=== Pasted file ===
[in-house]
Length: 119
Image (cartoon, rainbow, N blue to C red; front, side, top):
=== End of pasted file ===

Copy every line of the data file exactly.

[in-house]
Length: 119
Image (cartoon, rainbow, N blue to C red; front, side, top):